• Language: English
  • Video Transcript: English

What you'll learn

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You will learn about the underlying physiology of the human body when experiencing the following conditions:

  • Cold
  • Heat
  • Aging
  • Stress
  • Altitude
  • Variable Pressures


The storytelling adventure begins at Stanford University in a thermoregulation laboratory. Just thinking about it gives us goosebumps. Poor Corey! Look forward to learning about piloerection, hypothermia, after-drop, and some practical tips on dealing with the cold.


The EnvPhyz team is back on Stanford campus exploring the effect of heat on the body. There's no air conditioning in this section. Look forward to learning about hyperthermia, cooling techniques, heat injuries and some practical tips on dealing with the heat.


The EnvPhyz team gets old! Get ready for a trip to the Massachusetts Institute of Technology (MIT) to learn about the impacts of time (age) on our physiology. With age comes wisdom, so be prepared to glean a few gems from this section and learn some tips that could change the trajectory of your aging. Look forward to learning about the causes of age-associated changes; which ones are inevitable and which ones you can influence.


The EnvPhyz team throws a big curveball as last minute changes make a big impact on the story. Anne and Corey give their bodies to science to explore stress and its effect on your body. This section is sure to elevate your heart rate, so get ready for a wild ride! Look forward to learning about the stress response, chronic stress, and some practical tips on how to manage stress in your daily life.


The team travels to the Army Research Station near Boston, to Pikes Peak, Colorado, and up to Mt. Kilimanjaro in Tanzania to get you up close and personal with altitude research. Expect some adventures, good science, and rough transitions to altitude exposure. Look forward to learning about acute altitude exposure, chronic altitude exposure, serious altitude risks and some practical tips on preparing for that next trip up to the mountains.

Variable Pressures

After being subjected to so many environmental conditions, Corey finally gets his opportunity to strike back. Expect some high flying adventures into the world of variable pressures. Look forward to learning about g-forces, zero gravity, and the high pressures of deep water diving.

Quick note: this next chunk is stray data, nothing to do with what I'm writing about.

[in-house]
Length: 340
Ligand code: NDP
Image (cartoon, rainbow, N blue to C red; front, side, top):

About the instructors

Frequently Asked Questions

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Are these videos real?

Yes. Everything you see is real. Real stories. Real science. Real learning.

What happens if I fall behind on the material?

No worries. This class is currently self-paced, so you can take as long as you’d like to get through the material. However, we recommend a moderate pace in which you try to finish one topic area per week to stay engaged with the learning process. You will get a reminder email each week about the upcoming material and we hope that will help you stay on track. It is fun to be a part of an active learning group, so please try to ask and answer questions on the discussion forums where you can meet other learners.

Do I need to buy a textbook or other materials?

No. Effort has been made to make this course completely self-contained. Everything you need will be provided for you.

How much of a time commitment will this course be?

You should expect this course to require 3-5 hours of work per week.

Can I just watch the story videos and skip the rest?

Yes! While we would love everyone to make the deep dive into the physiology, we also want to make the story videos available for all to see. Enter our course and search section contents for tabs with the beginning of the title reading STORY. We hope you enjoy!